By Rama Gaind
PS News Books
How to Win Friends and Influence People in the Digital Age
By Dale Carnegie & Associates with Brent Cole (Simon & Schuster, $29.99, softcover, 245pages)
More than seven decades ago Dale Carnegie made a forceful statement: “dealing with people is probably the biggest problem you face”.
What he wrote in 1936 still rings true today and, in fact, underpins How to Win Friends and Influence People. However, it is more complex developing strategies to deal with people.
This self-help book has been updated for the modern age of sophisticated social media communications and the Internet. It reframes Carnegie’s insights about communication, self-expression and leadership focusing on email, the blogosphere, Facebook, Twitter and other tools for winning friends and influencing people in the technological era. It is essential to connect and stay connected on a common ground.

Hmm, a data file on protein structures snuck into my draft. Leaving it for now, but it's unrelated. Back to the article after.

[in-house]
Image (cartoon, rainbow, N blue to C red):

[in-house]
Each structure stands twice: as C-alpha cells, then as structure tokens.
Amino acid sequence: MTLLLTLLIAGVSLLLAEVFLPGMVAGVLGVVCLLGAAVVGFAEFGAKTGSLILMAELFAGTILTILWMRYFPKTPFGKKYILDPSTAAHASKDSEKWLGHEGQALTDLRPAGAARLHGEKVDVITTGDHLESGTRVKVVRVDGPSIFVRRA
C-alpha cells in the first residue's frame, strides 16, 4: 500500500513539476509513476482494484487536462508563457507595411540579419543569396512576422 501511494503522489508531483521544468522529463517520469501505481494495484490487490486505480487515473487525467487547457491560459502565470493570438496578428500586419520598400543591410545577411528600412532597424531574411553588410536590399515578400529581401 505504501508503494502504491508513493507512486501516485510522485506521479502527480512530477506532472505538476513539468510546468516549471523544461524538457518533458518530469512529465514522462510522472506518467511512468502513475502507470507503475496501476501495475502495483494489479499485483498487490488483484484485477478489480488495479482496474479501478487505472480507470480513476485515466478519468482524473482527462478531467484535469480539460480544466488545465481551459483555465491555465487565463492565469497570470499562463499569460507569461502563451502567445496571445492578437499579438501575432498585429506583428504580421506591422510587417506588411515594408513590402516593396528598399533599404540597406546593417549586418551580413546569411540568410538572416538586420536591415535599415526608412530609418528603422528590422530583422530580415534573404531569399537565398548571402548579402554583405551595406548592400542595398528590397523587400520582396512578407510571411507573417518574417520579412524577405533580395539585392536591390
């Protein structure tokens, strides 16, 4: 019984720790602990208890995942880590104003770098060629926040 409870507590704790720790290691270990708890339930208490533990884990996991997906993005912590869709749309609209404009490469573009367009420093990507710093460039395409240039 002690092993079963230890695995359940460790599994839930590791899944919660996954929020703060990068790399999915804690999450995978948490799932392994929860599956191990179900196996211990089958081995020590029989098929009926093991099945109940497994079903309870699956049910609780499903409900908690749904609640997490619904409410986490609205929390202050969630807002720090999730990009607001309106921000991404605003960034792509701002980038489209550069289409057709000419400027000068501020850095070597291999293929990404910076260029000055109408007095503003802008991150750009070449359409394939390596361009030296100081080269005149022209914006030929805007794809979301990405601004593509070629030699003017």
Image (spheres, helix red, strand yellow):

No longer is it relevant to impress and befriend people with face-to-face interaction or through letters. Carnegie had a relentlessly positive attitude and belief that cheerfully showing respect and interest in other people would reap dividends.
A pioneer of the self-improvement genre, Carnegie felt that the crowning essence of success lay along a spectrum between authentic human connection (winning friends) and meaningful, progressive impact (influencing people).
“ ...Become meaningful in your interactions and the path to success in any endeavour is simpler and far more sustainable”.
Carnegie had not anticipated the ways in which the digital age would provide new tools and challenges for winning friends and influencing people. The dawn of social networking sites, email dominance and the ways in which Internet has supplanted face-to-face interactions have made Carnegie’s perceptiveness all the more immediate and vital.
While the world has changed beyond recognition in 76 years, Carnegie’s essential message continues to be pertinent. That factor is significant because he’s talking about basic human characteristics: be pleasant, forthright and honest.
Twitter and Facebook have not completely changed communication—just accelerated its pace!
Edition 298, 31 January 2012
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